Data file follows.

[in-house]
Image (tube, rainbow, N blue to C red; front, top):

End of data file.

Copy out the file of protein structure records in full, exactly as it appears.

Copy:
[in-house]
Image (tube, rainbow, N blue to C red; front, top):